The twenty-eight Cuban Endemics are Cuban Kite, Gundlach´s Hawk, Cuban Crab-Hawk (AOU 2007), Zapata Rail, Gray-fronted Quail-Dove (Clements 6th), Blue-headed Quail-Dove, Cuban (Greater Antillean) Nightjar (Clements 6th), Cuban Parakeet, Cuban Screech Owl, Cuban Pygmy-Owl, Bee Hummingbird, Cuban Trogon, Cuban Tody, Cuban Green Woodpecker, Fernandina´s Flicker, Giant Kingbird, Cuban Martin, Zapata Wren, Cuban Solitaire, Cuban Gnatcatcher, Cuban Palm Crow, Cuban Vireo, Yellow-headed Warbler, Oriente Warbler, Cuban Grassquit, Zapata Sparrow, Red-shouldered Blackbird and Cuban Blackbird. The Cuban forms of Northern Flicker, West Indian Woodpecker and Eastern Meadowlark may someday attain full species status.

The eleven Cuban Near Endemics (birds confined to Cuba and one or more of the Bahamas, Turks and Caicos and Cayman Islands) are Cuban Parrot, Great Lizard-Cuckoo, Cuban Emerald, West Indian Woodpecker, Cuban Pewee, La Sagra´s Flycatcher, Cuban Crow, Thick-billed Vireo, Olive-capped Warbler, Western Spindalis and Cuban Bullfinch.

The twelve Caribbean Endemics on Cuba are West Indian Whistling-Duck, Scaly-naped Pigeon, Plain Pigeon, Key West Quail-Dove, Antillean Nighthawk, Antillean Palm Swift, Loggerhead Kingbird, Bahama Mockingbird, Red-legged Thrush, Tawny-shouldered Blackbird, Greater Antillean Grackle and Greater Antillean Oriole.

Visiting birders have a shot at almost all these species. The exceptions are Zapata Rail (which was not located on a major ornithological expedition into the Zapata Swamp in 2005) and Cuban Kite (found only in Humboldt National Park and the Cuchillas de Toa Biosphere Reserve on the northeast side of the island, well off the traditional birding path). Of the remaining endemics, the toughest are probably Gundlach’s Hawk, Blue-headed Quail-Dove, Bee Hummingbird, Giant Kingbird and Zapata Wren. Most trips to the island depart with at least one or two misses.

Birding Time - The high season for visiting birders is January through April. In January all but one (Cuban Martin) of the core island endemics are present and wintering northern waterfowl, waders and wood warblers are at peak numbers. Southern migrants Antillean Nighthawk, Gray Kingbird, Cuban Martin, Cave Swallow and Black-whiskered Vireo begin to trickle back towards the end of February, but even in mid-March their status can still be uncertain. At the time of our April visit they were all present in good numbers. According to Bruce, resident birds are much more vocal and conspicuous in April than earlier in the year.

Of possible interest to European birders, Bruce estimates that by mid-April wintering North American waterfowl and waders are down to about 5% of their January/February numbers and wood warblers at 15% of their maximum. We saw fifteen species of migrant warblers but the southern ones, including Prothonotary, Yellow-throated, Hooded, Worm-eating and Louisiana Waterthrush, were noticeably absent. Presumably they had already headed north. There might be a “sweet spot” in the last week of March when there is maximum overlap between winterers, southern arrivals and local song.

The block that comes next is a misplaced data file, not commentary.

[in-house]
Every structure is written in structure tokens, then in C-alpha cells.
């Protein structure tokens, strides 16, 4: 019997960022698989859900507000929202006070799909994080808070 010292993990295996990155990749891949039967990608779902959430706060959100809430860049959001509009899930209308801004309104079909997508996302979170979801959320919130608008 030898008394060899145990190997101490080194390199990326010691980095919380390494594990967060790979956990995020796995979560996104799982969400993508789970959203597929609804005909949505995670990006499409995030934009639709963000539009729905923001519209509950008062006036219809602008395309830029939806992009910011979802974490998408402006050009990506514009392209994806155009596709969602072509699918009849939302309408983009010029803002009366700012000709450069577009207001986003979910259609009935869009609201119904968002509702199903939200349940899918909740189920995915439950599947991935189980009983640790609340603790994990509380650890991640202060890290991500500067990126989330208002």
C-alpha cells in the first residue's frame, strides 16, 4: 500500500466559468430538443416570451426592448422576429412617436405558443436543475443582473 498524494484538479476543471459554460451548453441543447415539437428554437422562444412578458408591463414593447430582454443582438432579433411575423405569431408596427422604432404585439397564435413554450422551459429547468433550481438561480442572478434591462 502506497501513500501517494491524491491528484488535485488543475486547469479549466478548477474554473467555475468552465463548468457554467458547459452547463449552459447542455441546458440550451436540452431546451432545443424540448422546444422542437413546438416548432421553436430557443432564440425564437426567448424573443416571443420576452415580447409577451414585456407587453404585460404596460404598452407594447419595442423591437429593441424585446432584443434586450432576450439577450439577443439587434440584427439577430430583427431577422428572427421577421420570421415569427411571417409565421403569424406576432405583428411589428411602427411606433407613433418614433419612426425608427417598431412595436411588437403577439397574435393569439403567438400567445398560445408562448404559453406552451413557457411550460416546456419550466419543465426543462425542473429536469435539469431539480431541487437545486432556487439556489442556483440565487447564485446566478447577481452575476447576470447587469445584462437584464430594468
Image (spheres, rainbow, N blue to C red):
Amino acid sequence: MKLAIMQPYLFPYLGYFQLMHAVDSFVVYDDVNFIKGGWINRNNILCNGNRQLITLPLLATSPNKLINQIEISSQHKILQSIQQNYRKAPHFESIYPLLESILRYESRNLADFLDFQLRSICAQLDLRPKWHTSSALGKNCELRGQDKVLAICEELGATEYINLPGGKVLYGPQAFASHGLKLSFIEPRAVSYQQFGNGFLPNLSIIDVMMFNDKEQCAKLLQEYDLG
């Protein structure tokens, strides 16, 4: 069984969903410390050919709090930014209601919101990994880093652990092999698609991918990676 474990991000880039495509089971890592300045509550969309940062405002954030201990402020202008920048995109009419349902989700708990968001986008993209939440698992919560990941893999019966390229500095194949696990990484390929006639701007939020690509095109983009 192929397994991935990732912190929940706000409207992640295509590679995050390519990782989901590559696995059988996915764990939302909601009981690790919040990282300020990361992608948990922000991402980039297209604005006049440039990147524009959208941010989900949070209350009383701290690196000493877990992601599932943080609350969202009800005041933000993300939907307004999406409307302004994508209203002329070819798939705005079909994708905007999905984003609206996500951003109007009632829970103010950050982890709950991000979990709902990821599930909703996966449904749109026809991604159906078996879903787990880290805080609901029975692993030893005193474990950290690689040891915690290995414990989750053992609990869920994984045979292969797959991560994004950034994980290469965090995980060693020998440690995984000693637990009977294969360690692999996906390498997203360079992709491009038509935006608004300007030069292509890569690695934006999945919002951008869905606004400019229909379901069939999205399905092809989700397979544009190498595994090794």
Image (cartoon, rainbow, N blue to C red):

Nine days in Cuba would be plenty of time to try for the endemics. Our fifteen-day stay made for an easy pace, with most afternoons off and lots of time for pools, beaches, museums and naps. Exploring the island did not require strenuous physical exertion; most of our birding was done beside the vehicle or on short hikes along level, well-maintained trails and country lanes. In mid-April dawn broke around 6:30 and it was light by 7:00. Dusk fell at 7:00, night by 7:30.

Birding Locations - We followed the standard route, visiting the Cordillera de Guaniguanico, the Zapata area, the Sierra de Najasa and Cayo Coco.

The CORDILLERA DE GUANIGUANICO (Pinar del Rio Province, western Cuba) is a low (600m) but impressive range of limestone hills running 150 kilometres from the eastern border of Pinar del Rio Province to near the western tip of the island. The target species here are Cuban Solitaire and Olive-capped Warbler. We stayed three nights, birding:

One - The Western Highway - About 30 minutes out from Habana the Cordillera comes into view, rising to the north. Before heading to the hills we stopped a few times along the autopista and scanned a number of aquaculture ponds, reservoirs and flooded rice fields. This gave us several wetland birds, including Least Grebe, Snail Kite and our only Fulvous Whistling Ducks of the trip. Cuban roads, big and small, typically have wide grassy verges so pulling over was safe and easy. Adding to the car birding experience, significant amounts of agricultural land are left fallow as crops are rotated through (a bird-friendly practice) and in many areas hedgerows, woodlots and brushy ponds line the roadside.